Kansas reimburses Clark County $260,000 for firefighting costs

By Tom Kuhns
Clark County Gazette – May 9, 2018
Submitted by Newz Group – June 8, 2018

Officials from the Kansas Department of Emergency Management were in Ashland last week to present a series of checks to Clark County.

The money was the State’s reimbursement for firefighting efforts during last year’s Starbuck Fire.

“They brought us three checks from the State that totaled $260,000,” said Clark County Emergency Manager Millie Fudge. “That money is to be distributed to the County fire departments, which get the most.”

“Other entities that got some money were some County offices that were EOC that ran the fire,” she added.

She did not disclose exact amounts to each entity involved.

Fudge also said all “mutual aid” fire departments that responded to the devastating fire would receive reimbursement as well.

“All of the fire departments get a check for the use of their equipment,” Millie explained, “not manpower, that’s all volunteer.”

However, while the County was not allowed to claim reimbursement for firefighters’ time, Fudge said that the County was allowed to claim services from other volunteers.

“Reimbursement is made by the State of Kansas on a 75-25 percent share,” she said. “On a fire we have to come up with 25%.”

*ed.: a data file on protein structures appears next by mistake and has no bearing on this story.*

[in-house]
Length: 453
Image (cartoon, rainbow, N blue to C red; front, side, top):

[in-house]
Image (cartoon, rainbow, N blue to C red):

“What enabled us to get the money back was documentation, but it was also volunteers.”

Fudge said that any volunteer labor from the community, including farmers who plowed firebreaks and other individuals who fed firefighters at the school, helped Clark County meet its 25% in-kind requirement.

“All of those volunteers enabled us to get this money,” she noted. “It would have been substantially less.”

Fudge said that in addition to the money that went to Clark County, the State of Kansas paid out an additional $700,000 to out-of-state Forestry Service firefighters and to aircraft involved in the fire.

As the state officials were in Ashland last week, Fudge said she was informed of an interesting development in the annuls of state record keeping-somewhere along the line the fire had undergone an official name change.

“The fire in Clark County is actually named Clark County Wildfire FMAG 5171,” she stated. “Even though it started out as the ‘Starbuck Fire’ in Beaver County.”

“Each of the seven entities that had a fire that week and applied for FMAG and got it (Fire Management Assistance Grant) had a number. Ours was 5171.

“It’s just a name, it doesn’t matter,” she added with a chuckle. “It will probably always be referred to as the ‘Starbuck Fire’. That’s just because that’s what everybody knows it by.”

 

Posted by Gwen Dorr Romine, KSFFA Webmaster
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